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1 July 2010 Herbicide and Pharmaceutical Relationships
Stephen O. Duke
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For many years, virtually all pharmaceutical companies had an agrochemical division. This was partly to maximize the benefits of expensive chemical synthesis efforts by searching for many types of useful biological activities. Leads for pharmaceuticals and pesticides often overlap, in some cases leading to similar compounds used for human health and weed management purposes. This review will focus on herbicides and herbicide classes that have potential pharmaceutical properties, both as therapeutic agents that act through human molecular target sites and those that act on infectious agents. An example of the first case is compounds that target plant acetyl coenzyme A carboxylases, inhibiting fatty acid synthesis, and similar compounds used in humans as anti-inflammatory agents. Another such example is the triketone class of compounds that can act both as herbicides and as treatments for the genetic disease tyrosinemia, targeting the same enzyme in both cases. Examples of the second case are the relatively large number of herbicides that have activity against the malaria protozoan (Plasmodium spp.). It turns out that Plasmodium spp. and related disease organisms have an organelle that is apparently analogous to the plant plastid, the apicoplast. Herbicides such as dinitroanilines are active against several protozoan parasites by the same mechanism by which they kill plants, interaction with tubulin to halt cell division and other tubulin-dependent processes. These and other multiple activities of various herbicides and herbicide classes provide perspective on the broad biological activity of herbicides and related compounds.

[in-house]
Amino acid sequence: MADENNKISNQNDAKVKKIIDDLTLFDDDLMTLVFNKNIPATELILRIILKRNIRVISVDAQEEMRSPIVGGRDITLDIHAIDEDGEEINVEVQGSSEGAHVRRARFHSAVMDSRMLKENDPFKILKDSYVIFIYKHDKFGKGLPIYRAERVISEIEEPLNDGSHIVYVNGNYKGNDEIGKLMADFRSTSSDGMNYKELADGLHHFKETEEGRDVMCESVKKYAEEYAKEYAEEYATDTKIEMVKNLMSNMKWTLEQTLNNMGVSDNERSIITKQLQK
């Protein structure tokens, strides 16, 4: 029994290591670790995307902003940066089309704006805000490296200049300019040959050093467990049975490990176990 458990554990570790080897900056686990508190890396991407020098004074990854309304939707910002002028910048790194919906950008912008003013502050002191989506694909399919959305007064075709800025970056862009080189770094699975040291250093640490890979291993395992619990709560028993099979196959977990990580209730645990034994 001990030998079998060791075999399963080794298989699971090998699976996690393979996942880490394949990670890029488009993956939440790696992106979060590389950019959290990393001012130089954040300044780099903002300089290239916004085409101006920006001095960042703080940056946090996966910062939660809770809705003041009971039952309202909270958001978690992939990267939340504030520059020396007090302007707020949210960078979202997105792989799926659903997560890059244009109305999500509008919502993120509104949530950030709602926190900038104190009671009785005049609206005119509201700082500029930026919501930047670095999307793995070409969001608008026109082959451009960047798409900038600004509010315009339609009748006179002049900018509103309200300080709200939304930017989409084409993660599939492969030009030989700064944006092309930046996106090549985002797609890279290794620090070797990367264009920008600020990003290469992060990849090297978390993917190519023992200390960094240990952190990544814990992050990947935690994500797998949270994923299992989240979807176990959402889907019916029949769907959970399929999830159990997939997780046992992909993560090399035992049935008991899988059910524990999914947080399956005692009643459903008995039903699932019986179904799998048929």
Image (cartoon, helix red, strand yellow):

Stephen O. Duke "Herbicide and Pharmaceutical Relationships," Weed Science 58(3), 334-339, (1 July 2010).
Received: 24 June 2009; Accepted: 1 July 2009; Published: 1 July 2010
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